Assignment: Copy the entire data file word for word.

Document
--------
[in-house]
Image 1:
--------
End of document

[in-house]
Image 1: